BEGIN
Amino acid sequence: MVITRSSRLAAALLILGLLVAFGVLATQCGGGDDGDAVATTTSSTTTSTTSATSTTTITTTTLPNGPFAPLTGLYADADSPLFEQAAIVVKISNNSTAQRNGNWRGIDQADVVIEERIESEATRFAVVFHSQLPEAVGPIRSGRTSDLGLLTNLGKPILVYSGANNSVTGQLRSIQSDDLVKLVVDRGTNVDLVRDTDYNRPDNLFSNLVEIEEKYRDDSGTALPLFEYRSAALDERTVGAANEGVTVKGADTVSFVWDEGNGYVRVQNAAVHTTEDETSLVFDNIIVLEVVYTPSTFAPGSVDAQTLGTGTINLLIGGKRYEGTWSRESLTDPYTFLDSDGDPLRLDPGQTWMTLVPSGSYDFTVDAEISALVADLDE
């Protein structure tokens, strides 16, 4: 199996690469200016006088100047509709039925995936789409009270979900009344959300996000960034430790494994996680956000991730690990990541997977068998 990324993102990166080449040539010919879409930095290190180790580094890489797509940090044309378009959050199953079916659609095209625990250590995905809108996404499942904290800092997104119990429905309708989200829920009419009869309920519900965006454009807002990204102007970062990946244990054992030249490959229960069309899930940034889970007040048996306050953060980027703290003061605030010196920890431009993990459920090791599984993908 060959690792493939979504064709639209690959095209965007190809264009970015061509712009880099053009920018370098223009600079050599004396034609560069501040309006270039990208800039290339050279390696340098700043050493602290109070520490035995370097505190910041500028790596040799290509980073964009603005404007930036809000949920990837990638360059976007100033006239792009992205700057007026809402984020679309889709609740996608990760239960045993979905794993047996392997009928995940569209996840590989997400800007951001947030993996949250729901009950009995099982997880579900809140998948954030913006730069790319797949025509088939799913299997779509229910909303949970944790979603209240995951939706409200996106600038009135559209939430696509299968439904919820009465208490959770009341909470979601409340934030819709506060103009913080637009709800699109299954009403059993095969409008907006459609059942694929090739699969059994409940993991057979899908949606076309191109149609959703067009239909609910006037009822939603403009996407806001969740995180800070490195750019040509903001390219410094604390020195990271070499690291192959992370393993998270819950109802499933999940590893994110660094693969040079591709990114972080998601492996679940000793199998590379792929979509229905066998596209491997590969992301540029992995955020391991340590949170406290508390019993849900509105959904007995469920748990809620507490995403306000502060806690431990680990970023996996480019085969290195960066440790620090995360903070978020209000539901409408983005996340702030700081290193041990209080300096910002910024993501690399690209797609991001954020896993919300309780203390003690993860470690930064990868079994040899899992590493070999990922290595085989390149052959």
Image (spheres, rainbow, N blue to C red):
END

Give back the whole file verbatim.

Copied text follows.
Amino acid sequence: MVITRSSRLAAALLILGLLVAFGVLATQCGGGDDGDAVATTTSSTTTSTTSATSTTTITTTTLPNGPFAPLTGLYADADSPLFEQAAIVVKISNNSTAQRNGNWRGIDQADVVIEERIESEATRFAVVFHSQLPEAVGPIRSGRTSDLGLLTNLGKPILVYSGANNSVTGQLRSIQSDDLVKLVVDRGTNVDLVRDTDYNRPDNLFSNLVEIEEKYRDDSGTALPLFEYRSAALDERTVGAANEGVTVKGADTVSFVWDEGNGYVRVQNAAVHTTEDETSLVFDNIIVLEVVYTPSTFAPGSVDAQTLGTGTINLLIGGKRYEGTWSRESLTDPYTFLDSDGDPLRLDPGQTWMTLVPSGSYDFTVDAEISALVADLDE
């Protein structure tokens, strides 16, 4: 199996690469200016006088100047509709039925995936789409009270979900009344959300996000960034430790494994996680956000991730690990990541997977068998 990324993102990166080449040539010919879409930095290190180790580094890489797509940090044309378009959050199953079916659609095209625990250590995905809108996404499942904290800092997104119990429905309708989200829920009419009869309920519900965006454009807002990204102007970062990946244990054992030249490959229960069309899930940034889970007040048996306050953060980027703290003061605030010196920890431009993990459920090791599984993908 060959690792493939979504064709639209690959095209965007190809264009970015061509712009880099053009920018370098223009600079050599004396034609560069501040309006270039990208800039290339050279390696340098700043050493602290109070520490035995370097505190910041500028790596040799290509980073964009603005404007930036809000949920990837990638360059976007100033006239792009992205700057007026809402984020679309889709609740996608990760239960045993979905794993047996392997009928995940569209996840590989997400800007951001947030993996949250729901009950009995099982997880579900809140998948954030913006730069790319797949025509088939799913299997779509229910909303949970944790979603209240995951939706409200996106600038009135559209939430696509299968439904919820009465208490959770009341909470979601409340934030819709506060103009913080637009709800699109299954009403059993095969409008907006459609059942694929090739699969059994409940993991057979899908949606076309191109149609959703067009239909609910006037009822939603403009996407806001969740995180800070490195750019040509903001390219410094604390020195990271070499690291192959992370393993998270819950109802499933999940590893994110660094693969040079591709990114972080998601492996679940000793199998590379792929979509229905066998596209491997590969992301540029992995955020391991340590949170406290508390019993849900509105959904007995469920748990809620507490995403306000502060806690431990680990970023996996480019085969290195960066440790620090995360903070978020209000539901409408983005996340702030700081290193041990209080300096910002910024993501690399690209797609991001954020896993919300309780203390003690993860470690930064990868079994040899899992590493070999990922290595085989390149052959």
Image (spheres, rainbow, N blue to C red):